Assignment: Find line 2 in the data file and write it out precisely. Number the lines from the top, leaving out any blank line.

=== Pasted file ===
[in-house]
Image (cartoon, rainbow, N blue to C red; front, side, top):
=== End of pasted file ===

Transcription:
Image (cartoon, rainbow, N blue to C red; front, side, top):